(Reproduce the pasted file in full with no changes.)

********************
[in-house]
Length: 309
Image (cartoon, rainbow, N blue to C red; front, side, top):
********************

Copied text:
[in-house]
Length: 309
Image (cartoon, rainbow, N blue to C red; front, side, top):